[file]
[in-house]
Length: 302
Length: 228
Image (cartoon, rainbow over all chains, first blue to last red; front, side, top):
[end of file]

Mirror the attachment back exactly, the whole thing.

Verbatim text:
[in-house]
Length: 302
Length: 228
Image (cartoon, rainbow over all chains, first blue to last red; front, side, top):